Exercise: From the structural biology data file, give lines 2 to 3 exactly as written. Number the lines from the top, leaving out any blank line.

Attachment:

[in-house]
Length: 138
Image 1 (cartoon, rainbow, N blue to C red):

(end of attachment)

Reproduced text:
Length: 138
Image 1 (cartoon, rainbow, N blue to C red):